TIME person of the year

Behind TIME’s 2016 Person of the Year Reader’s Poll: The Moments That Mattered

This is when the contenders made news

As voting gets underway for the 2016 TIME Person of the Year reader’s poll, we took a look back at the moments from 2016 when this year’s poll contenders were most talked about. Though TIME’s editors make the ultimate decision as to who is the Person of the Year—the person who most influenced the news, for good or ill—the reader’s poll is a valuable window into what the world thinks about that question. This year, TIME also partnered with Opentopic and IBM’s Watson to track how the candidates made their mark on the Internet. As part of the collaboration with Fortune and TIME, Opentopic evaluated more than 62 million documents from 3.5 million online sources, which Watson’s deep-learning technology classified and sorted.

One of the insights provided by that sorting was the ability to see which day in 2016 the candidates saw the highest volume of applicable online mentions. Here they are, along with the events that may have caused those spikes:

Flint, Mich., Whistleblowers, April 20: Criminal charges were brought in the Flint water scandal.

Bernie Sanders, June 8: After Hillary Clinton clinched the Democratic Party’s nomination for president, Sanders swore he would continue his fight.

Lin-Manuel Miranda, June 13: The night before, Hamilton won a near-record number of Tony Awards.

LeBron James, June 21: Shortly after the Cavaliers won Game 7 of the NBA finals, James’ new Nike sneaker dropped.

Nigel Farage, June 24: In the wake of the Brexit vote, the pro-“leave” advocate declared a victory.

Gretchen Carlson, July 7: The day before, the now former Fox News anchor filed suit against Roger Ailes for sexual harassment.

Diamond Reynolds, July 7: She spoke publicly about the police-shooting death of Philando Castile, which she recorded on video.

Khizr and Ghazala Khan, Aug. 3: Public dialogue about their July 28 Democratic National Convention speech peaked in the days after that first appearance.

Simone Biles, Aug. 18: In the week after she won four gold medals at the Rio Olympics, she met Zac Efron. (Yes, the volume of mentions was higher on the 18th than it was during her wins.)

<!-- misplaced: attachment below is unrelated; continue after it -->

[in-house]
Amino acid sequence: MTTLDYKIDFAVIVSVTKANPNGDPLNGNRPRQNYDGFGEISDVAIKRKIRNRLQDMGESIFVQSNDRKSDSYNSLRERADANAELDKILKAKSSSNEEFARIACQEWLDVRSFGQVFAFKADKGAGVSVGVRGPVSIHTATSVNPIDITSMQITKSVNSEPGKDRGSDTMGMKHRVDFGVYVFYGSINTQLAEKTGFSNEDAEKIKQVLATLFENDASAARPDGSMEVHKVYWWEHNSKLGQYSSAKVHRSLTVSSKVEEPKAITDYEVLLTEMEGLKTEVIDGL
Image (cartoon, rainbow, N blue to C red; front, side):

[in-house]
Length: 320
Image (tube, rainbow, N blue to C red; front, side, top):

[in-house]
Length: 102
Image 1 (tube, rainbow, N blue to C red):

The CRISPR Scientists, Aug. 18 and Oct. 5: First new research was announced, and then some people thought (wrongly) that CRISPR work would earn a Nobel Prize.

Vote here: Who Should Be TIME’s Person of the Year for 2016?

Recep Tayyip Erdogan, Aug. 21: After a suicide bombing, the Turkish leader went after ISIS.

Leslie Jones, Aug. 25: The Department of Homeland Security launched an investigation into a hack of the Saturday Night Live and Ghostbuster actor’s personal website.

Megyn Kelly, Aug. 25: The second part of the Fox News anchor’s interview with Julian Assange aired.

Beyoncé Knowles, Aug. 29: The artist set a new record for awards won at the MTV Video Music Awards.

Colin Kaepernick, Sept. 2: The quarterback spoke out about his National Anthem protest.

Theresa May, Sept. 5: The day before, the British Prime Minister had spoken to the BBC about the consequences of Brexit.

Xi Jinping, Sept. 5: During the G20 Summit, which ended that day, world leaders gathered on the turf of the Chinese President.

Tim Cook: Sept. 7: The Apple CEO unveiled the iPhone 7.

Kim Jong Un, Sept. 9: Shortly before, North Korea had conducted its latest nuclear test.

Mark Zuckerberg, Sept. 9: Facebook reversed its decision to censor a famous war photograph, after uproar that started with an open letter to the social-media mogul.

Face-Off: Who Should Be TIME’s Person of the Year for 2016?

Barack Obama, Sept. 23 and 28: The President spoke about Donald Trump while celebrating the opening of the new Smithsonian National Museum of African American History and Culture; the next week he spoke about Colin Kaepernick’s National Anthem protest, on the same day that the Senate overrode his veto of a bill allowing 9/11 families to sue Saudi Arabia. (The President does so much every day, however, that it’s hard to judge what exactly caused these spikes.)

Hillary Clinton, Sept. 27: The candidate’s performance in the first presidential debate the night before was widely praised.

Julian Assange, Oct. 4: The WikiLeaks founder warned that he would release information that would be “relevant” to the U.S. election.

Michelle Obama, Oct. 14: The day before, the First Lady had delivered a stirring speech about Donald Trump’s comments about women.

Narendra Modi, Oct. 16: The Indian Prime Minister suggested that Pakistan is the “mothership” for terrorism.

Vladimir Putin, Oct. 20: The Russian leader made news as international controversy continued over Russia’s involvement in the war in Syria.

Samantha Bee, Nov. 1: The night before, President Obama had appeared on Full Frontal with Samantha Bee.

James Comey, Nov. 7: On the eve of the presidential election, the world wondered about the effect of the FBI director’s earlier announcement that agents were reviewing newly-discovered emails that might be relevant to its investigation of Hillary Clinton’s private email server. Comey said before the election that the emails didn’t change his recommendation she not face charges.

Donald Trump, Nov. 9: Early that morning, the Republican nominee won the presidential election.

Marine Le Pen, Nov. 9: Donald Trump’s presidential victory in the U.S. was hailed as a good sign for Europe’s far-right leaders, including Le Pen.

See the Standings for the 2016 TIME Person of the Year Readers Poll

Voting on the reader’s choice poll ends Dec. 4, at 11:59 p.m. ET.

TIME’s Person of the Year will be revealed on Dec. 7.

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